Monday, January 19, 2009

Inauguration 1981: Go West, Old Man

On March 4, 1829, Andrew Jackson was inaugurated on the East Front of the Capitol (the side that now faces the Supreme Court building). With rare exceptions, that was the site of regularly-scheduled presidential inaugurations from then on, up to and including that of Jimmy Carter on January 20, 1977.

Then, when Ronald Reagan was inaugurated four years later, a custom began, which has been followed by all of his successors, of holding the event on the West Front of the Capitol.

I don't know that there was any one reason for the change. I've variously heard that 1) more spectators can be accommodated on that side; 2) it's a nicer view, looking over the Mall, rather than a parking lot; and 3) Reagan preferred the symbolism of facing west toward most of the country, rather than away from it.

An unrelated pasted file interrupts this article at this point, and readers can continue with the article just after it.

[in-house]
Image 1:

Whatever the reason, everyone seems happy with the change. This year's inauguration will also be held on the West Front.

1 comment:

Terry L. Johnson said...

Given Reagan's concern with symbolism and theater, I would not be shocked were that the reason.

There is an American Indian atop the Capitol building, and he is looking West.

We, as a nation, have always looked for adventure and the West has often represented that. In the case of Reagan, his tour as California governor may have had something to do with his facing West.

Or perhaps, just perhaps...the backdrop was better than other choices.